Regardless of whether you're looking to trade in a used car, buy a new vehicle, or sell one with the hopes of getting some of your investment back, it's important to understand how you can calculate the value of your used car in order to get the best possible deal. While the trade-in or selling price of used cars will generally come down to what a seller and buyer agree upon, there are numerous ways to determine the full market value of a pre-owned vehicle. For example, one of the most common methods is to make use of NADA used car values. Similar to lists like the Black Book, or Kelley Blue Book, NADA used car values give you a round-about estimate of what a car that matches your make, model, and year, should be expected to sell for at a dealer-level.

NADA used car values are an incredibly useful financial resource.

Using Pricing Guides

Using pricing guides such as the NADA Used Car Values list is often the most common and inexpensive way to price vehicles, as it means that you don't have to hire an appraiser to come and check out the vehicle on your behalf. This is one of the many reasons why professionals from a wide range of different industries depend on the NADA used car guide for the data they need to make crucial decisions about the cost of used vehicles every day. Because the values offered by NADA are unbiased, they draw in interest from a wide range of businesses, from rental agencies and manufacturers, to lawyers, insurance companies, governments, credit unions, and banks. As the valuation authority, NADA Used Car Values can offer every value an individual or company needs, from auction and trade prices, to loan amounts.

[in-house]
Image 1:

Why Might You Use the Used Car Values Guide?

Clients, individuals, and businesses that make use of the NADA used car guide typically utilize this resource for a variety of different reasons. For example, in the finance sector, business analysts, lenders, and others utilize NADA values for loan underwriting purposes, vehicle loan origination, repossession, funding, floor planning, portfolio management and more. On the other hand, in government sectors, state administrators might utilize the guides given by NADA to assess the tax value given to vehicles. In many circumstances, federal officials within the FBI and department of Justice will utilize NADA values for forfeiture and asset purposes, while the administration for social security uses them as a way of determining benefits.

Dealers make use of NADA values for pricing their inventory and assessing the amount of credit that should be given when a user trades in a vehicle, they can also use NADA in setting asking prices and for completing paperwork. Almost all departments regarding motor vehicles will use NADA values as a way of determining the current and actual cash value for a vehicle in a bill of sale, while insurance appraisers, claims adjusters, and other agents use NADA values for policies and underwriting, as well as estimating claim total less, reserve amounts, and thresholds.